- Faust II (suom. Otto Manninen, 1934; Faust I-II: Eila Kivikk'aho, 1985)
  • Nachgelassene Schriften, 1832-33
  • Gespräche mit Goethe, 1836-1848 (3 vols.)  
    - Conversations of Goethe with Eckermann and Soret (translated by John Oxenford, 1850) / Conversations of Goethe with Johann Peter Eckermann (translated by John Oxenford, 1930) / Conversations with Goethe (translated by Gisela C. O’Brien, 1964)
  • Essays on Art, 1845 (translated by Samuel Gray Ward)
  • Briefe und Aufsätze von Goethe aus den Jahren 1766 bis 1786, 1846 (ed.  A. Schöll)
  • Goethes Faust in ursprünglicher Gestalt, 1887 (ed.  Erich Schmidt)
    -  Goethe's Urfaust (translated by Mary Prentice Lillie, in Grist 3, no. 4, 1927) / The Urfaust translated by Douglas M. Scott, 1958)  / "Urfaust"; Johann Wolfgang Goethe’s Faust in Its Original Version (ed.  R. H. Samuel, 1967) / The 'Urfaust' (translated by Charles E. Passage, in Goethe's Plays, 1980)  / From the 'Urfaust', c. 1774 (translated by David Luke, in Selected Poetry of Johann Wolfgang von Goethe, 1999)
  • Wilhelm Meisters theatralische Sendung, 1911
    - Wilhelm Meister's Theatrical Mission (translated by Gregory A. Page, introduction by H. Mayne, 1913)  / Wilhelm Meister’s Theatrical Calling translated by John R. Russell, 1995)
  • Aufsätze zur Kultur-, Theater- und Literatur-Geschichte, Maximen, Reflexionen, 1913-14 (2 vols.)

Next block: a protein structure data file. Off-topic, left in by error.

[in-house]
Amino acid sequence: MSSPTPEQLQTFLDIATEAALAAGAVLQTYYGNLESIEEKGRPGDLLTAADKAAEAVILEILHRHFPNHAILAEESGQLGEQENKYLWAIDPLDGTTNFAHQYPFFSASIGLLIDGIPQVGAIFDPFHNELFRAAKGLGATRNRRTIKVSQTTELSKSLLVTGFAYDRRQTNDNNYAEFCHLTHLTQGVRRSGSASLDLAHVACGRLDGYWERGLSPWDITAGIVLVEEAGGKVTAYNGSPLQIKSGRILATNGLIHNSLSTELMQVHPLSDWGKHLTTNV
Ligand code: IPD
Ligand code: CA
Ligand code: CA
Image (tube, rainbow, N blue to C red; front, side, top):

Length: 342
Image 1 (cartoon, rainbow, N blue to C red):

- The Maxims and Reflections of Goethe (translated by Bailey Saunders, 1906) /  Maximen und Reflexionen (edited and translated by R.H. Stephenson, 1983)
  • Literary Essays, 1921 (ed. J.E. Spingarn)
  • Schriften zur Literatur, 1970-82 (7 vols.)
  • Goethe on Art, 1980 (ed. and tr. John Gage)
  • Collected works editions: Werke, 1887-1919 (143 vols.); Works, 1902 (14 vols., ed.  Nathan Haskell Dole); Werke, 1948-64 (14 vols., ed. Erich Trunz et. al.); Gedenkausgabe der Werke, Briefe und Gespräche, 1948-71 (27 vols., ed.  Ernst Beutler); Goethe's Collected Works, 1983-89 (12 vols., ed.  Victor Lange et al., tr.  Michal Hamburger et al.); Sämtliche Werke, 1986- (in progress, ed.  Karl Richter et al.)
  • The Essential Goethe, 2016 (edited and introduced by Matthew Bell)
  • The Golden Goblet: Selected Poems of Goethe, 2019 (translated from German by Zsuzsanna Ozsváth & Frederick Turner)
  • Faust: Part One, 2020 (translated by Zsuzsanna Ozsváth and Frederick Turner; illustrations by Fowzia Karimi)
  • Begegnungen und Gespräche--Band VII. 1809-1810, 2022 (herausgegeben von Renate Grumach und Bastian Röther)
  • The Flight to Italy: Diary and Selected Letters, 2024 (New York: Oxford University Press)